Toyota Motor (TM) is accelerating payments to its 1,200 U.S. dealers for their efforts to help soothe rattled owners of some 2.3 million Toyota cars that have been recalled for unintended acceleration. The company's U.S. sales division will provide payments of $7,500 to $75,000 to help reimburse retailers for extended hours, car washes and other services, the Associated Press has reported.The checks, the amount of which is based on the on number of cars each dealer sold last year, are being issued this week, AP reported, citing a memo it obtained. Dealerships that sold fewer than 500 cars will get $7,500, while those that sold more than 4,000 will get $75,000. In the letter, Toyota group vice president Bob Carter thanks dealers for the services, saying the payments will help with those measures.
The news followed what has been one of the worst days for Toyota since announcing the recall last month, after Transportation Secretary Ray LaHood said owners of the affected should stop driving them. LaHood quickly took back the words, saying he misspoke. LaHood advised owners to bring their vehicles to dealers if they were concerned. "What I meant to say or what I thought I said was, if you own one of these cars or if you're in doubt, take it to the dealer and they're going to fix it," LaHood said.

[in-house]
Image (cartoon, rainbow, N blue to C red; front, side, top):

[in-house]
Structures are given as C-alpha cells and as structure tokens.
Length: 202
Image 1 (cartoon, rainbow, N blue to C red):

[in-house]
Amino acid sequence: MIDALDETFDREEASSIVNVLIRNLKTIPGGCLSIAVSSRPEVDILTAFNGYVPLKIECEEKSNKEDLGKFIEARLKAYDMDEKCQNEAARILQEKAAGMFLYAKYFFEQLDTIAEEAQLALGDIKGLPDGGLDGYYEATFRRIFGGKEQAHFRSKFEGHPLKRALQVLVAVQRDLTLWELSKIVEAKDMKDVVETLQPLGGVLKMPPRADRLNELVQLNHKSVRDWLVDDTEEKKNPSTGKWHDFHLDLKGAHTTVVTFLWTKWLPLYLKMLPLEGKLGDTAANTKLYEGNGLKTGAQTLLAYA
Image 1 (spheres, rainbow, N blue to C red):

Prius Troubles Too
The transportation secretary's bungled comments weren't the only news to rock Toyota on Wednesday after it was reported the National Highway Traffic Safety Administration is looking into some 100 complaints involving the braking systems on popular Prius hybrid cars. Owners described a sensation of insufficient braking when driving over bumpy or frozen roads, Reuters reported. Two crashes involving injuries have been attributed to the brake problems.
Possible Prius braking woes can only add more fodder to the criticism many have voiced in recent weeks that the world's No. 1 automaker has taken its eye off quality in pursuit of sales. In addition to recalling eight popular models, Toyota halted sales and production of the vehicles until a fix could be fashioned. The recall and stoppages have taken a toll on showroom traffic. Toyota reported Tuesday that January sales fell 16% from January 2009. But compared to December 2009 sales, Toyota fared even worse, falling nearly 47%.
On Monday, the company announced it was shipping parts to dealers this week to fix the gas-pedal problem. Many dealers will stay open extended hours, some around the clock, to repair the cars, the company said. The "simple" repair involves installing a steel reinforcement bar to prevent friction between accelerator parts. The federal government approved the plan last week.
In addition to the recall of 2.3 million cars for sticky accelerators, which has been broadened to include models sold in Europe and China, Toyota has also recalled 5.4 million cars that suffer from a similar unintended acceleration problem caused by floor mats.
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